The Private Lives of the Pharaohs

The Private Lives of the Pharaohs

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How were the pyramids built? What were two unborn children doing in Tutankhamen's tomb? What was the blue lotus depicted in many tombs - a drug, a perfume? Accompanying a Channel 4 documentary series, this volume shows how scientific techniques can be used to answer questions about the more

Product details

  • Hardback | 192 pages
  • 153 x 234mm | 440g
  • Pan MacMillan
  • Channel 4 Books
  • London, United Kingdom
  • 8pp colour illustrations
  • 0752219030
  • 9780752219035

Review Text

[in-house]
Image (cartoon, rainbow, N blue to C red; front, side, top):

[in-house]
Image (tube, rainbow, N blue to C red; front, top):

A very concise, informative addition to the discipline of Egyptology that will be welcomed by both professional and amateur alike. Tyldesley skilfully condenses the presently understood history of the Pharaohs into a fluent narrative which relies on scientific evaluation and discoveries. She goes further to describe the lives of the pyramid and mausoleum construction workers and their families with material gleaned from the same sources. The logic of engineering techniques are placed within a believable, logical context together with the social complexities involved in employing thousands of workers. The reader is taken from these vast building sites to an appreciation of the terrible damage and theft to their fabric, the deceased and their possessions. This has occurred on the grand scale over several millennia and is still prevalent. No doubt pharaohs were responsible for saving their mummified ancestors from grave robbers by moving them en masse to safer sites, but this sits uneasily with recycling their valuables, the grave goods necessary for their comfort. It indicates a cynicism at odds with their professed religious beliefs. Tyldesley makes no comment on this but describing the scientific analysis of Asru, a Temple chantress of the Middle Period, remarks on the idealized illustrations of a pristine, beautiful life on tomb walls in comparison with the evidence of excruciating diseases and parasites found in the vocalist's mummified remains. It is clear what litte we know of the ancient Egyptians is less than half the story. The exquisite photographic plates included are a joy and the text a very superior accompaniment to the television production. (Kirkus UK)show more